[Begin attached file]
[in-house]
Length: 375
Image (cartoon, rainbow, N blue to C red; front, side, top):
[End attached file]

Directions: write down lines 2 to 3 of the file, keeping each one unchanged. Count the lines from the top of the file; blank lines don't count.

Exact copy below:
Length: 375
Image (cartoon, rainbow, N blue to C red; front, side, top):